Seminal studies in the United States have shown strong associations between nurses' working conditions and patient safety, with high patient-to-nurse ratios and greater patient turnover being linked to increased mortality. This multinational survey of nurses and patients found that improved nurse work environments and reduced patient-to-nurse ratios were linked to better perceptions of quality and patient satisfaction. Moderately strong correlations were found between patient satisfaction and nursing reports of care quality, although there were wide variations in both measures across different countries. This study lends additional support to the view that improving the work environment for nurses can strengthen patient safety.
Delbanco T, Bell SK. N Engl J Med. 2007;357:1682-3.
Disclosure of medical errors remains an important and challenging practice, with a past report providing thoughtful guidance on how to respond. This commentary addresses the humanistic aspect of what patients, families, and clinicians go through in trying to bring closure or forgiveness to the experience. Drawing from interviews highlighted in a documentary film, the authors share a number of specific themes not frequently addressed. These include feelings of concern by patients about the potential for further harm to occur, feelings of isolation by patients from their clinicians when they need them the most, and feelings of guilt by family members that often exceed those of providers. An AHRQ WebM&M commentary, perspective, and interview also discuss multiple facets of error disclosure.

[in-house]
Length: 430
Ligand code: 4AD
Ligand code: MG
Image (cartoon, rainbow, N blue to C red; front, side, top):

Prior studies have documented the safety problems that befall patients with complex illnesses at the time of transition from one setting of care to another. In this trial conducted in an integrated delivery system, patients were randomized to receive usual care or the care transitions intervention at the time of hospital discharge. Intervention patients received a personal health record and a "transition coach," who assisted with continuity of care across settings, arranged home visits after discharge, and helped train patients and caregivers in self-care methods. The foci of the intervention were on ensuring accurate medication usage and appropriate follow-up care. The intervention successfully reduced the likelihood of hospital readmission for 3 months after discharge and appeared to be cost effective.